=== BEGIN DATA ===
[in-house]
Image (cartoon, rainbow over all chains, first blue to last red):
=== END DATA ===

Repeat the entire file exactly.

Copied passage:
[in-house]
Image (cartoon, rainbow over all chains, first blue to last red):